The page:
Florence, Now A Hurricane, Is One Of Many Threats To The Atlantic And Pacific
Updated at 12:45 a.m. ET on Monday
A slew of dangerous storms – hurricanes, tropical storms and a typhoon — are on the move and threatening life and property in both the Atlantic and Pacific oceans.
The National Hurricane Center has issued advisories for the Atlantic on Hurricane Florence, and two tropical storms, Helene and Isaac. The NHC has also issued an advisory for the Eastern Pacific on Tropical Storm Paul, and the Central Pacific Hurricane Center has issued advisories for Hurricane Olivia, which is moving quickly westward toward Hawaii.
According to The Weather Channel, a typhoon named Mangkhut is also intensifying in the western Pacific and is on track to hit Guam, Rota, Saipan and Tinian on Monday. The National Weather Service has issued a warning saying Mangkhut will bring tropical storm force winds between 65 and 100 knots.
This many concurrent tropical cyclones is notable, according to NHC scientist Eric Blake. He tweeted on Friday: "Globally, this is a remarkable day. I can't find another example of a hurricane/typhoon nearing Guam, Hawaii & the eastern United States at almost exactly the same time (days ~ 4,5,6 respectively)."
As of the NHC's advisory issued at 11 p.m. EST Sunday, Hurricane Florence is expected to strengthen to a major hurricane of Category 3 or above by Monday night and is forecast to move over the Atlantic Ocean between Bermuda and the Bahamas on Tuesday and Wednesday. It is expected to approach the southeastern U.S. coast on Thursday. According to aircraft data, its maximum sustained winds have increased to near 90 mph.
Here are the key messages on Hurricane #Florence as of 11 pm EDT. Florence is expected to become a major hurricane on Monday, and there is an increasing risk of coastal storm surge flooding and freshwater flooding from heavy prolonged rain when the hurricane approaches the U.S. pic.twitter.com/tlVK4wDPtK— National Hurricane Center (@NHC_Atlantic) September 10, 2018
North Carolina declared a state of emergency on Friday. North Carolina Highway Patrol Sgt. Chris Knox told NPR that North Carolina residents needed to prepare: "When we put those orders out, when we tell people 'this is a flood-prone area,' that you need to find somewhere else to go, don't roll the dice."
Virginia Gov. Ralph Northam declared a state of emergency on Saturday, "... so that we can begin to prepare state assets, and I encourage Virginians to monitor forecasts and make their own preparations now."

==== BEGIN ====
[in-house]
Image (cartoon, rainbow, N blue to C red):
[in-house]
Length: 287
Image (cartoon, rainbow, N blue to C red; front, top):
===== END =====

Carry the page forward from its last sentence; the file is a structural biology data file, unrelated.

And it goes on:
South Carolina Gov. Henry McMaster also declared a state of emergency on Saturday, and South Carolina's Emergency Management Division urged South Carolina residents to begin preparing their property for Florence's effects.
In a news conference Sunday, McMaster said he had submitted a request to President Trump that a federal emergency declaration be made. "We are asking for authorization in advance to ... get reimbursed for expenses, for people, machinery and assets we may need to clean up and fix whatever damage results from what is now a hurricane."
And while he assured South Carolinians that official preparations were well underway, the governor emphasized what he called the "unofficial" part of preparations: citizen preparedness. "Make your plans now," he said. "Pretend, assume, presume that a major hurricane is going to hit right smack dab in the middle of South Carolina."
Dr. Rick Knabb, hurricane expert at The Weather Channel, tells NPR that it's important not to focus exclusively on the coast when it comes to Florence's potential impact. "Equally, if not more disastrous potential exists with the slow movement that we expect to see Florence have after reaching the coast," Knabb says.
That's because Florence will reach areas that have already experienced a lot of rain in recent weeks — and it won't take much for flash floods to start in these regions.
"Urge people to pay attention inland and promise themselves now that they're not going to drive their car across any water-covered roads or drive their car around any barricaded roads that are closed," Knabb says. "The majority of inland flood fatalities occur in vehicles."
Helene, currently classified as a tropical storm, is, according to the latest NHS advisory, expected to become a hurricane soon as well. As a result, a Hurricane Watch and Tropical Storm Warning are in effect for the Cabo Verde islands of Santiago, Fogo and Brava. Tropical Storm Isaac is also strengthening over the eastern tropical Atlantic and is expected to become a hurricane by late Sunday.
Hurricane Olivia, according to the Central Pacific Hurricane Center's advisory issued at 11 p.m. ET Sunday, is approaching Hawaii with maximum sustained winds of near 80 mph and is expected to remain at hurricane strength through Monday evening. "Some gradual weakening is possible on Tuesday," the advisory says, "but Olivia will likely remain a threat to the Hawaiian Islands next week."
This news about Hurricane Olivia comes just weeks after Hurricane Lane brought 3-4 feet of rainfall to parts of Hawaii. As NPR's Bill Chappell reported, the town of Mountain View on the Big Island recorded 51.53 inches of rain as a result of Lane, the third-highest total ever measured from a U.S. storm.
Knabb tells NPR that this year has been particularly intense in the eastern and central Pacific. "We've already had multiple very intense hurricanes out in the central pacific by Hawaii," he says. "We're well into the alphabet. The 'p' storm has already formed in the eastern Pacific, and we have a couple months left in the season."
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